Residents of LaGrange, Ill., recognize that a notable 155-year-old Victorian home underwent significant improvements, but the transitions are so deftly accomplished most can’t pinpoint where the 3,750-square-foot vintage house stops and the 1,420-square-foot remodel begins. The owners were committed to this uniform appearance to preserve the integrity of the home outside and in, for themselves and their architecturally historic neighborhood.
With two teenage daughters and a young son all sharing one small bathroom, the owners realized they needed more functional accommodations for their children. In addition, they were interested in a new master suite with modern conveniences for themselves. The existing detached garage was in very poor condition, so it made sense to create an attached two-car garage and leverage the space above.
The second story atop the garage includes the new 14- by 20-foot master bedroom with two walk-in closets, a steam shower, whirlpool tub and new cabinetry with an adjacent 11- by 17-foot den/exercise room. The heated garage has an adjacent mudroom with custom cubby shelving and direct access into the pre-existing family room and kitchen. Each level of the addition connects to the existing home, so the floor-to-floor ratios had to exactly match the historic home’s 10-foot-plus ceiling heights.
According to Troy Pavelka, design manager for Normandy Remodeling in Hinsdale, Ill., working on the house was the opportunity of a lifetime. “The owners were intent on preserving the home’s character, and it’s rare to see the level of detail found on this home. From replicating the corbels to stone foundation to the wrought-iron cresting and turret detailing on the roof, it’s truly a special project.”
Reclaiming an Era
On the exterior, the trim had rotted and the roof needed replacement. Normandy Remodeling’s carpenters matched the rich exterior woodwork. The craftsmen replicated the dormers’ keystone detailing, chamfered edge on the corner trim and pediment above the windows. Thirty-six custom wooden corbels were fabricated to simulate the existing corbels. The team used split-faced block to match the foundation stone applied in a 1930s addition, and skilled stucco work concealed the seams between the renovation work, the addition and the existing structure.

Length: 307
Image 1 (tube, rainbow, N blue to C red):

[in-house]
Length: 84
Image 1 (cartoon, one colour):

In keeping with the existing architecture, 7-foot-tall windows were added in the addition. French doors inside the master suite open onto a small European balcony with an iron railing that overlooks the back yard. The balcony creates a new connection to the outside and filters in daylight.
Armed with a keen love of nostalgia and archives of newspaper articles and historic photos of the house, the owners decided to reclaim an original feature of the home that had been lost during the past century: an elegant turret. Round windows were set into an 8- by 8-foot square turret, which is clad in copper with intricate cornice work. Because the windows were aluminum, Pavelka worked closely with the window supplier to create plastic barriers between the aluminum and copper to ensure the copper would not come in contact with the aluminum and oxidize.
The striking feature is more than a decorative landmark. Rather than close it off inside, Pavelka wanted to bring the natural light down into the space and allow occupants to see up into the vault. “Opening up the vault from below really created a ‘wow’ factor on the interior. The family and their guests become cognizant of the turret while inside, so it’s more than an exterior detail they see solely upon arriving home,” Pavelka says.
Contemporary Feel, Victorian Flair
To help the new space feel like a historic home, Pavelka designed a spiral staircase in the mudroom that rises into the upstairs den. Its wrought-iron railings with brass detailing and oak stair treads are reminiscent of the 1850s. With the first-floor ceilings so tall, calculating the vertical measurements between each stair tread and landing the staircase at the exact height of the second floor took careful planning.